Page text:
Fortunately I’d meet one of the photographers, who I really admired his works, by accident. Madjid Korang Beheshti was one of my favorites Iranian photographers in that time, I could see him when he was taking photos and I feel how freely he did it. The way he took photos aware me that some times I can put some rules away. Rules which cease me to get new experiences. Maybe he doesn’t know at all, but that day changed my manner in taking photos.
And after that I took some photos which were caused that I was invited from Kourosh Adim, a creative photographer, to make a photography group with three other artists. I got many things during our group meeting, which helped me to make my personal photography vision.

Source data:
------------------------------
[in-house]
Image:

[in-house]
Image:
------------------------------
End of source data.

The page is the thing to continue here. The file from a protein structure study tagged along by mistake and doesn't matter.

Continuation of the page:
Fabiano Busdraghi: A photographer that you particularly love and why.
Mehrdad Naraghi: Andreas Gursky, Sally Mann, Mona Kuhn are some of my favorite photographers. And I like many projects that other photographers do like Zona by Carl de Keyzer or End time city by Michael Ackerman.
I like the works which attract me by their beauty, and then I look for concepts. It’s obvious that I mean the beauty in my terms. I had a chance to enjoy watching Mona Kuhn works in Paris Photo. I found them so gorgeous that I wanted to stand in front of her works for hours. I felt getting pleasure by watching photos again. I’ve missed it during all kind of study in photography, reading many books and also seeing thousand of photos.
Fabiano Busdraghi: What book are you reading right now? What music are you listening during the last days? A movie you have seen recently that you particularly like?
Mehrdad Naraghi: Now I’m reading a novel by Eric Emmanuel Schmitt named Petits crime conjugaux and the book named Open Shutter by Micheal Wesely. I’m listening to Le pas du chat noir by Anouar Brahim. And the movie I’ve seen recently and I liked it so much was The Banishment by Andrei Zvyagintsev.